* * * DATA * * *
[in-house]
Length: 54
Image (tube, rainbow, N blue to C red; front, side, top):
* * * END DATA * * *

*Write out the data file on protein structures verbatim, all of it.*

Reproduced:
[in-house]
Length: 54
Image (tube, rainbow, N blue to C red; front, side, top):